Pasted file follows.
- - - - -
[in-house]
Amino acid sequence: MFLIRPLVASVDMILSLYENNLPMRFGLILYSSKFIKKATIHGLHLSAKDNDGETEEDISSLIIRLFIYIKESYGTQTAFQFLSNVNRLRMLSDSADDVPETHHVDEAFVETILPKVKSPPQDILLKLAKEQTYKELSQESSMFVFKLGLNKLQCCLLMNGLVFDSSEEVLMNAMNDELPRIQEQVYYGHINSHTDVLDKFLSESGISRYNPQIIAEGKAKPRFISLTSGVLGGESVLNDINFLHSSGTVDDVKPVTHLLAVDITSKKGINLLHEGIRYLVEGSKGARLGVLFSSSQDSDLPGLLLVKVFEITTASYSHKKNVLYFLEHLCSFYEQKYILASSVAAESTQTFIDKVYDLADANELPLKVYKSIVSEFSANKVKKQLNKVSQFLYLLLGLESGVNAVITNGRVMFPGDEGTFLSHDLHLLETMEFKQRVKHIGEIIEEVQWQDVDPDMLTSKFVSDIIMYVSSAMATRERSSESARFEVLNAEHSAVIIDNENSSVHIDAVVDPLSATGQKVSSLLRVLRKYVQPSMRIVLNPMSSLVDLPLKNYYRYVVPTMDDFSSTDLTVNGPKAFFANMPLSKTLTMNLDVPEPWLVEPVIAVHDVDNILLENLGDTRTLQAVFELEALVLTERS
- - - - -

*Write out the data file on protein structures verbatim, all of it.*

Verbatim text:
[in-house]
Amino acid sequence: MFLIRPLVASVDMILSLYENNLPMRFGLILYSSKFIKKATIHGLHLSAKDNDGETEEDISSLIIRLFIYIKESYGTQTAFQFLSNVNRLRMLSDSADDVPETHHVDEAFVETILPKVKSPPQDILLKLAKEQTYKELSQESSMFVFKLGLNKLQCCLLMNGLVFDSSEEVLMNAMNDELPRIQEQVYYGHINSHTDVLDKFLSESGISRYNPQIIAEGKAKPRFISLTSGVLGGESVLNDINFLHSSGTVDDVKPVTHLLAVDITSKKGINLLHEGIRYLVEGSKGARLGVLFSSSQDSDLPGLLLVKVFEITTASYSHKKNVLYFLEHLCSFYEQKYILASSVAAESTQTFIDKVYDLADANELPLKVYKSIVSEFSANKVKKQLNKVSQFLYLLLGLESGVNAVITNGRVMFPGDEGTFLSHDLHLLETMEFKQRVKHIGEIIEEVQWQDVDPDMLTSKFVSDIIMYVSSAMATRERSSESARFEVLNAEHSAVIIDNENSSVHIDAVVDPLSATGQKVSSLLRVLRKYVQPSMRIVLNPMSSLVDLPLKNYYRYVVPTMDDFSSTDLTVNGPKAFFANMPLSKTLTMNLDVPEPWLVEPVIAVHDVDNILLENLGDTRTLQAVFELEALVLTERS